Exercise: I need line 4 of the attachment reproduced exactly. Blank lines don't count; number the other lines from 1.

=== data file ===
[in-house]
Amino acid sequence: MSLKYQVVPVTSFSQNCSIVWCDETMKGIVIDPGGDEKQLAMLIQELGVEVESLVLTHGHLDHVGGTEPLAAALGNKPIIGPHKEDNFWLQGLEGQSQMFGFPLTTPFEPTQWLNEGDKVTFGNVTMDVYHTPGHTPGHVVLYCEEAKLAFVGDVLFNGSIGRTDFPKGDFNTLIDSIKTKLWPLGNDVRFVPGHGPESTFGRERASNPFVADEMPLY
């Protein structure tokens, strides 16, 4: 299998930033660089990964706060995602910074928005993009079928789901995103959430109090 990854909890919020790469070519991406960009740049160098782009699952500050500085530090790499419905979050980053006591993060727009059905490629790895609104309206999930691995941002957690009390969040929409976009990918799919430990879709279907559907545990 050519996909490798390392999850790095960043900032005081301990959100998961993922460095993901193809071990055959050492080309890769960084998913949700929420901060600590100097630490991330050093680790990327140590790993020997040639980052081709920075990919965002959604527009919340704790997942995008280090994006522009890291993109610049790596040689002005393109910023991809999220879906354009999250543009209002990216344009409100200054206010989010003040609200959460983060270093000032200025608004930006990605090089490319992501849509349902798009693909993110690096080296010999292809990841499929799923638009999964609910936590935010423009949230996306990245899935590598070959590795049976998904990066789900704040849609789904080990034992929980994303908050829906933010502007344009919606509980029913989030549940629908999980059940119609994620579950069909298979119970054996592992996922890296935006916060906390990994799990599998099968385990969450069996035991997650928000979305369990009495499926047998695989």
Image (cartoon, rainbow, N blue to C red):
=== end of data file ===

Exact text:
Image (cartoon, rainbow, N blue to C red):